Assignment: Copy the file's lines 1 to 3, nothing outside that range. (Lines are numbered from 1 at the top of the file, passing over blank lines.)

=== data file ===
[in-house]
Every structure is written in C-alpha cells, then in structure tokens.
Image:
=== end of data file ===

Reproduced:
[in-house]
Every structure is written in C-alpha cells, then in structure tokens.
Image: